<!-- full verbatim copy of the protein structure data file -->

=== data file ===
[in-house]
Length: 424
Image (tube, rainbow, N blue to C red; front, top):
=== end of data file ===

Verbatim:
[in-house]
Length: 424
Image (tube, rainbow, N blue to C red; front, top):